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ian potter

This article is absolutely true.We gain security and international respect on the top table by having trident .
The cretins who believe they are not a necessity have indeed experienced life relatively free from conflict and in a secure life style .
People like the labour leader should enter the real world .
I for one have no doubt trident is an absolute must ..
I also believe our defence spending should be at least 3%.


Defence spending is too low I agree. Interesting that we are slated to spend at least 300 Million GBP on foreign aid over the next 30 years! Think of all the flood defences, hospitals, schools etc that would build.


does trident need a submarine as a platform? the new successor programmes could cost more than theri gional scaled down type 45 and 26 programmes

Andrew Wilde

You idiot. Mind you there is a funny side to your comment if you consider the complete lack of a surface to surface missile on either Type 45 or Type 26 warships. Trident may be over-doing it a bit though!

Andy Coombes

Cretin. 🙂


LOL, yes, I noticed that one too ! Can’t speak for all comments, but have noticed that a large number of comments ‘for Trident’ feel the need to resort to unsavioury language to get their point across. Very skeptical about articles from people whos job it is to take part or fight in wars. Although the article does try for balance, still slightly biased in my view.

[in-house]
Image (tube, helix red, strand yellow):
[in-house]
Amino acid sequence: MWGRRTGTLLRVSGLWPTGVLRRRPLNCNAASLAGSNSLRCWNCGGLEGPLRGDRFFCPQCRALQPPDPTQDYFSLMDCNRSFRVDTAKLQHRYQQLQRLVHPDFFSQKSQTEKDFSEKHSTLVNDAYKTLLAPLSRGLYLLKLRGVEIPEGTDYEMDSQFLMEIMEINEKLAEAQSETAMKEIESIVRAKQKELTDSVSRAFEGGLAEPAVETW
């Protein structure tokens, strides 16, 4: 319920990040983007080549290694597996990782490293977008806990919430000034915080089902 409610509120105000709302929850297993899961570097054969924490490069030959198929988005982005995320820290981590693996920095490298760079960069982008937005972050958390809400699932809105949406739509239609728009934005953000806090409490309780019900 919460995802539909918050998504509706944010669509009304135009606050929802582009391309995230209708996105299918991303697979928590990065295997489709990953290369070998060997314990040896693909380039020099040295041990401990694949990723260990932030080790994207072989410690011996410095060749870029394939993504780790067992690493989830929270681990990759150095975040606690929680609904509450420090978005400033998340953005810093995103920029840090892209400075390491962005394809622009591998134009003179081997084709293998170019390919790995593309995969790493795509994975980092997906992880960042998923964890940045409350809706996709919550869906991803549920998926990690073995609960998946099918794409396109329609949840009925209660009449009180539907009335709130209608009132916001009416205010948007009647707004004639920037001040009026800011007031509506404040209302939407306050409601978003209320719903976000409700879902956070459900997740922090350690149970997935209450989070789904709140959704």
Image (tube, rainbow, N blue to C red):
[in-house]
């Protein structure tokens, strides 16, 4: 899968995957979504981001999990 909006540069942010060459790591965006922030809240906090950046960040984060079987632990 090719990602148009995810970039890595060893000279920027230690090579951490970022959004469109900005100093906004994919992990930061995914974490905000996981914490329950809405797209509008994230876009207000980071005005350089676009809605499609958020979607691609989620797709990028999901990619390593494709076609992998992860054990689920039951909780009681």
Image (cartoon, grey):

if we are so short of submarines why are there 19′ laid up’ at rosyth and devonport, including the decomissioned trafalgars, and just about the entire swiftsure class


They are laid up because their operational life is over, much the same as when you scrap a car. Only because of the reactor compartments (they are de-cored) still have low levels of residual radiation, they are left in one piece until the break up and proper disposal process is undertaken once it is finally agreed what that should be.


Perhaps a return to the 90’s when we actually invested in our people would make the Navy great once again. It’s not all about the latest gear and tech, if we can’t man our ships and submarines with enthused and quality sailors and engineers what’s the point spending billions on the tech?